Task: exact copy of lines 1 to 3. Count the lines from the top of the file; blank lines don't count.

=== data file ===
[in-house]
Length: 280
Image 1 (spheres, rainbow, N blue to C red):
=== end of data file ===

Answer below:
[in-house]
Length: 280
Image 1 (spheres, rainbow, N blue to C red):